This verse follows verses where James focuses on doing not just hearing. He now makes it clear that actions alone are not enough. What we say matters too.
Have you ever said, “Well, you should know that’s not what I meant”, or “I should be able to say what I want and be given the benefit of the doubt”? This verse challenges this kind of thinking. Let’s look at it more closely.
The Greek word translated “tight rein” in the NIV is chalinagogeo, which can be translated as bridle, curb, restrain, sway, hold in check. James uses a strong word to indicate how firmly we are to control the words we speak. Bridle and rein are often used in the context of controlling a horse. Something much stronger than humans. This word is more than just being careful, it’s willfully and skillfully exerting control over something that is powerful. These verses from Proverbs show the power of the tongue:
“The words of the reckless pierce like swords, but the tongue of the wise brings healing.” Proverbs 12:8
“The tongue has the power of life and death, and those who love it will eat its fruit.” Proverbs 18:21
In chapter 3 James will also address in more detail the consequences of not taming our tongue.
Then in Matthew 15:18 Jesus says, “ But the things that come out of a person’s mouth come from the heart, and these defile them.” Jesus says this in the context of what you put in your mouth doesn’t defile you, but what is in your heart, which is revealed by your words, does defile you. So, in this case, words speak louder than actions. Words spoken without thinking can reveal our true heart. If we are truly “religious” – letting God be in charge of our lives – everything we say should reflect this. If we’re not truly “religious”, then our words will indicate that, no matter what we believe about ourselves.
Here are some ideas of where words said unthinkingly can come from:
- Our focus on being heard which demonstrates selfishness.
- Not considering how those listening will hear the words which demonstrates a lack of love. No, we can’t always know how our words will be understood. But if we care more about the listeners than being heard, there is a better chance that when we do speak, even if clarification turns out to be needed, the care for them and their situation will come through, and they will be open to having further dialogue.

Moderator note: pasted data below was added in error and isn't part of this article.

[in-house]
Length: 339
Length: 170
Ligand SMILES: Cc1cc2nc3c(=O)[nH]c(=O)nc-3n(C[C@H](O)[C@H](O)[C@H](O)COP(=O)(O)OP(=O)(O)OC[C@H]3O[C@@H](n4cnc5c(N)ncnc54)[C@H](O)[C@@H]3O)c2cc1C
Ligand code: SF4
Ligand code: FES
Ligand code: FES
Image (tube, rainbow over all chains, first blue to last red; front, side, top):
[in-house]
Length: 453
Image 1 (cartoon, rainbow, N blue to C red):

- Assumptions that everyone will understand what you mean which demonstrates pride. Assumptions are dangerous and often lead to misunderstanding.
What are your ideas of the source of speaking before thinking?
Some versions of this verse also say, “and so deceive his own heart.” What is this deception? I believe the deception is that we can say whatever we want and still be religious.
I’ve had conversations where we’ve talked about the use of specific words and ideas in conversation that are offensive and hurtful to some and not others. We talked about how to be true to who we are while at the same time considering someone else. This verse seems to clarify the issue for me. I must tame my tongue. Put it under the Holy Spirit’s control, not my own. My desire to be able to “be free to be me” is not Biblical. It is selfish. And who am I anyway? I am trying to become who God wants me to be. His love showing through me would be careful to speak words that are affirming and not hurtful. Ephesians 4:29 makes it clear that our speech is to build others up and benefit them, not to benefit us and our need to be known or heard.
I need to remember that no matter how much I “do” for God, my words can undo them all. I need to always be aware of the power of words. I don’t want it said of me by God or anyone else that, “my religion is worthless”. This verse just emphasizes even more the importance of being “slow to speak” as James urges in verse 19. That gives me time to make sure I’m connected to the Holy Spirit and let Him speak through me, if I even need to speak at all.